BARACK OBAMA spent his first campaign for president explaining why he was no socialist. Bernie Sanders, the out-of-nowhere candidate who has constituted an unexpected challenge to Hillary Clinton, bravely embraces the label. Yet while Mr Sanders has built his campaign on a jeremiad against wealth inequality and corporate greed, he isn’t, properly speaking, a socialist—or even a democratic socialist. The better term encapsulating Mr Sanders’ positions is “social democrat”, a label that jibes with his rather mainstream embrace of “private companies that thrive and grow in America” and belief that “the middle class and the working families who produce the wealth of America deserve a fair deal”. To clarify matters, Mr Sanders flatly disavows the very heart of socialism as defined by Karl Marx: “I don’t believe government should own the means of production”, he says.

As for why he is receiving support of actual socialists like DSA, etc.

In the socialist milieu, the proponents of building a campaign for “Bernie 2020” put forward two main arguments: first, that Sanders’ campaign is the “best available means to raise workers’ class consciousness,” and second, that there is a battle inside the Democratic Party between a progressive and a corporate wing, and that we socialists need to take part in that fight.

And some US socialists don't actually agree with that strategy.

Sanders’ politics have often been described as “populist left,” and with good reason. His social-democratic policies are blended with nationalist rhetoric about “American values” and “keeping good jobs.” Peter Frase, writing for In These Times, makes the point that rallying behind Sanders’ popularity can “obscure the need to ground our struggles in mass organizing” and lead us to wed ourselves to his “New Deal liberalism” rather than debating what “socialism” really means.

Since the term "democratic socialism" has little traction outside of the US, it helps to just explain the DSA's initial vision:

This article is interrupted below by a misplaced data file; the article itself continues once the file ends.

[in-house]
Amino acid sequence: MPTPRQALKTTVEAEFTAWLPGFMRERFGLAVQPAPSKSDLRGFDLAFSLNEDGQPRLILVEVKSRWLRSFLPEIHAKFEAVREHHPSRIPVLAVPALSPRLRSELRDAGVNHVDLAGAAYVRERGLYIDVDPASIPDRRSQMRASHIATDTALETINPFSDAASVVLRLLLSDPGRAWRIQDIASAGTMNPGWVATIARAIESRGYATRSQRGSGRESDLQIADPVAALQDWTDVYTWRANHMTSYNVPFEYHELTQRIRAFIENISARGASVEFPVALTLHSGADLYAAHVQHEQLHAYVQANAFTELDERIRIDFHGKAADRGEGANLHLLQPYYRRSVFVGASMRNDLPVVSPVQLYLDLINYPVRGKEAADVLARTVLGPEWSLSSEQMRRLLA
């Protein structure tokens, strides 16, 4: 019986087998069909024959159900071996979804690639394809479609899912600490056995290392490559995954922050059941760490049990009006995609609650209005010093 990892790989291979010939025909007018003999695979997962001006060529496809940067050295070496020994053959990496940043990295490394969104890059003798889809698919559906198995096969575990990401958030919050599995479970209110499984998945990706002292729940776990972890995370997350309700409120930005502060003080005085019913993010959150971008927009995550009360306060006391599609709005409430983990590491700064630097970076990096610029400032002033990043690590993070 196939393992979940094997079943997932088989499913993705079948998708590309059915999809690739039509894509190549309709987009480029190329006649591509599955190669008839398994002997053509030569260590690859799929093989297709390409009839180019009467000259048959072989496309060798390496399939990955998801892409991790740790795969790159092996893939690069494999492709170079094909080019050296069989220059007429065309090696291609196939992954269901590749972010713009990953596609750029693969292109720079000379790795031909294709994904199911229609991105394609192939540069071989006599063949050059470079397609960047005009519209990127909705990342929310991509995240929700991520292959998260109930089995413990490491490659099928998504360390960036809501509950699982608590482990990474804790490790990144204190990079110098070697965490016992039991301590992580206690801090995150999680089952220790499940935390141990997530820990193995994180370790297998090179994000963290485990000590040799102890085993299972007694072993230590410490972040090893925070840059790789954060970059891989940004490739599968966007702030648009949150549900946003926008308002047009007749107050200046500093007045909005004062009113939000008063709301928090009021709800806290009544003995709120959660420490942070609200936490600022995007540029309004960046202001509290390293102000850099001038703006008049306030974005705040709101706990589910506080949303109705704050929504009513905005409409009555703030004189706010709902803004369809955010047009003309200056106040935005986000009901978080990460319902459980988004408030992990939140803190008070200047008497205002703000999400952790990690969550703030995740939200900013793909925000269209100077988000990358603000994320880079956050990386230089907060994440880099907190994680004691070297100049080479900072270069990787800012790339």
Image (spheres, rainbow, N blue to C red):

When the DSA was founded in 1982 by Michael Harrington [...] Its organizers believed it could be more useful as what some have called basically a lobbying group to the Democratic Party, pushing the mainstream liberal party further left. Harrington described his group’s stance as “the left wing of the possible” and he knew from first-hand experience that such influence could be powerful: the Great Society programs of Lyndon Johnson’s presidency were partly inspired by Harrington’s book The Other America: Poverty in the United States.

As for DSA's own platform, it is further to the left than Sanders', e.g.

As we are unlikely to see an immediate end to capitalism tomorrow, DSA fights for reforms today that will weaken the power of corporations and increase the power of working people.

Sanders is not a member of DSA, by the way. So there is in this sense, a struggle over the meaning of "democratic socialism" in the US.

In a broad sense

The term democratic socialism is sometimes used synonymously with socialism, but the adjective democratic is sometimes used to distinguish democratic socialists from Marxist–Leninist-inspired socialism which to some is viewed as being non-democratic in practice.

But this leaves a wide area of ambiguity as to what it is actually about. Which is why the Wikipedia article on this topic is a kitchen-sink of every movement remotely socialist that endorses some form of democracy, ranging from the Sandinista National Liberation Front, Syriza, the Labour Party under Jeremy Corbyn, Mélenchon's La France Insoumise, Canada's NPD, etc.

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Lenin distinguished between Communism and Socialism in the following two ways:

In Socialism: from each according to their ability, to each according to their labour.

In Communism: from each according to their ability, to each according to their need.

Within Socialism there are many different currents, due to the fact it has been an international political movement and hence must take into account the myriadly various circumstances which each polity find itself in.

The online (and print) magazine, Jacobin, for example describes both Elizabeth Warren and Bernie Sanders as being on the left; but whereas it describes Elizabeth Warren as a left liberal, it describes Bernie Sanders as a Socialist - mainly because it seems that he doesn’t hold the market concept as central, and in many areas of life even a problem; whereas Elizabeth Warren is comfortable with markets.

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Social Democracy is when workers use the power of government to place limits (or "checks and balances") on the power of capitalist bosses.

Democratic Socialism basically means workers electing their own bosses and sharing the profits.

That's the most rudimentary distinction between the two I can make.

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    I'm curious, does Sanders endorse "workers electing their own bosses"? – Fizz Apr 6 at 8:56